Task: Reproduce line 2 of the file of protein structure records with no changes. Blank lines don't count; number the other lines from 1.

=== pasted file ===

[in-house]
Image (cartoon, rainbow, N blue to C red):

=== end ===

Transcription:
Image (cartoon, rainbow, N blue to C red):